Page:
The very first buildings—and those for thousands of years after—were designed to shelter us from the elements. Walls, roofs, windows and heating systems overcome the unpredictability of nature by keeping it outside. Before buildings, however, our bodies grew so accustomed to the natural environment that our health still depends on our exposure to it. Time spent in nature yields measurable value to our lives, improving cognitive function, increasing creativity and decreasing stress. Yet despite its many benefits, incorporating nature into the built environment remains a challenge.
For example, even though some European hospitals integrate nature into their buildings, hospitals in North America are often required to eschew greenery indoors due to code requirements. Like healthcare buildings, the modern corporate office also acts as a barrier to nature, removing workers from green space and making it difficult to open a window or step outside. And although the pandemic and subsequent shift toward remote and hybrid work provide flexibility to embrace gardening, go for a walk, or at least gaze out a window throughout the day, many of us still spend much of our time indoors.
6 Ways to Create a Strong Connection to Nature in Any Workplace
Integrating nature in the workplace (and all buildings, for that matter) is critical to the well-being of employees, teams and organizations. Here are six drivers that borrow characteristics from the outdoors to integrate nature into every workday.
1. The Workplace Should Be Organic
Establishing biophilic drivers for decision-making early on in a project leads to the thoughtful development of a calmer and more productive atmosphere. According to neuroscience research done with NBBJ fellow and molecular biologist Dr. John Medina, human beings are biologically predisposed to require contact with natural forms. Implementing a color palette that is associated with our experiences in nature, such as blues, greens and oranges, can offer motivation or focus, while rounded edges can make us feel safer than sharp corners.
2. The Workplace Should Change Frequently
On an even larger scale, hubs such as outdoor amphitheaters with movable walls or landscaped indoor spaces can support a range of activities such as group classes like yoga, gardening or cooking. These multi-use spaces can also serve as a meeting area or a place of respite, and if done well in harmony with nature, can offer diverse spaces that use zero energy. In addition, companies can explore the use of prefabricated or modular units—“offices in a box”—that can be easily nestled within the surrounding landscape. Not only do these spaces serve as diverse, autonomous places for work and meetings, but they can also be designed to easily open and close depending on the weather.
3. The Workplace Should Be Green
We know the color green raises our cortisol levels, almost instantaneously reducing our stress. That same color also enables our brain to focus as it helps us relax. Lesser known is the improvement that plants can bring to our physical health through anti-fungal chemicals that boost immunity. Including greenery and plants in the office is the simplest way to bring nature into the workplace.
At Korean fintech company Hana Bank’s headquarters—which will soon break ground—staff and visitors will be exposed to the health benefits of nature via immersive landscapes that include sweeping plantings, plazas and gardens extending from the existing landscape. However, even smaller planters or living walls offer enough benefit to warrant plants being incorporated into the office at any scale.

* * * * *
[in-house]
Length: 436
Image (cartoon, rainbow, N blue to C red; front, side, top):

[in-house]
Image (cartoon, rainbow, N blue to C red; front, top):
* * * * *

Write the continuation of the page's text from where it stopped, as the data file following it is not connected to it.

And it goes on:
4. The Workplace Should Be an Immersive Escape
While living plants are preferable since the act of caring for them has a positive effect on happiness and satisfaction, even images of nature—whether digital or still—can improve overall mood and concentration. According to University of Washington psychology professor Peter Kahn, simply looking at images of nature can relax and calm us, while also keeping us engaged.
Digital displays, either combined with natural elements or in place of them, can create an immersive experience. If possible, change the architectural program of the space to include a respite room that allows its user to be enveloped in digital sights and sounds of nature.
5. The Workplace Should Be a Threshold
One benefit of an office tower is the ability to optimize views and access to daylight. However, incorporating intuitive pathways to light and establishing moments to step outside make an even bigger difference in supporting employees’ circadian rhythms and overall health.
At the campus of a Zhejiang-based large internet company, each employee’s workspace is located less than a minute from outside green space, and all workstations are close to windows that overlook greenery and open to let in fresh air and natural ventilation. Similarly, smartphone maker vivo’s nature-infused headquarters will feature an elegant spiral of exterior gardens, providing every level with easy access to green space for work, as well as paths for exercise.
6. The Workplace Should Be an Instigator
Enacting policies and protocols that allow employees to take advantage of nature throughout the workday is also beneficial. Encourage walking meetings by providing suggested routes and the length of time it takes to complete them. Implement a video-optional policy for certain calls or meetings to allow people to take them outdoors.
Nature’s ability to support both mental and physical health in the workplace and beyond must not be overlooked. The well-being and engagement of employees is critical to an organization’s sustained success, especially now. Incorporating moments to connect with the natural world throughout the workday leads to a happier, healthier, more creative workforce and more successful, productive organizations.